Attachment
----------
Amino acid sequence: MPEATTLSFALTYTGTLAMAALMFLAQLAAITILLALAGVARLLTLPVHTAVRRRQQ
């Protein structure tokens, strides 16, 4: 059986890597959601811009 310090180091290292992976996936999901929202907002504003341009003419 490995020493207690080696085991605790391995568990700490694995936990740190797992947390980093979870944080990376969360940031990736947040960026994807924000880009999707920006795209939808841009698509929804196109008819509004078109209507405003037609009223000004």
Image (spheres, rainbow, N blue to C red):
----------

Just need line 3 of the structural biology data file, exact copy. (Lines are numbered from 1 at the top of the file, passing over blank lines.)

Image (spheres, rainbow, N blue to C red):